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Determinants of excess mortality following unprotected left main stem percutaneous coronary intervention

Abstract

Objective For percutaneous coronary intervention (PCI) to the unprotected left main stem (UPLMS), there are limited long-term outcome data. We evaluated 5-year survival for UPLMS PCI cases taking into account background population mortality.

Methods A population-based registry of 10 682 cases of chronic stable angina (CSA), non-ST-segment elevation acute coronary syndrome (NSTEACS), ST-segment elevation myocardial infarction with (STEMI+CS) and without cardiogenic shock (STEMI−CS) who received UPLMS PCI from 2005 to 2014 were matched by age, sex, year of procedure and country to death data for the UK populace of 56.6 million people. Relative survival and excess mortality were estimated.

Results Over 26 105 person-years follow-up, crude 5-year relative survival was 93.8% for CSA, 73.1% for NSTEACS, 77.5% for STEMI−CS and 28.5% for STEMI+CS. The strongest predictor of excess mortality among CSA was renal failure (EMRR 6.73, 95% CI 4.06 to 11.15), and for NSTEACS and STEMI−CS was preprocedural ventilation (6.25, 5.05 to 7.75 and 6.92, 4.25 to 11.26, respectively). For STEMI+CS, the strongest predictor of excess mortality was preprocedural thrombolysis in myocardial infarction (TIMI) 0 flow (2.78, 1.87 to 4.13), whereas multivessel PCI was associated with improved survival (0.74, 0.61 to 0.90).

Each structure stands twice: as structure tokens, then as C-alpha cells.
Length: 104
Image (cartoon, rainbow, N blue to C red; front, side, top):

Conclusions Long-term survival following UPLMS PCI for CSA was high, approached that of the background populace and was significantly predicted by co-morbidity. For NSTEACS and STEMI−CS, the requirement for preprocedural ventilation was the strongest determinant of excess mortality. By contrast, among STEMI+CS, in whom survival was poor, the strongest determinant was preprocedural TIMI flow. Future cardiovascular cohort studies of long-term mortality should consider the impact of non-cardiovascular deaths.

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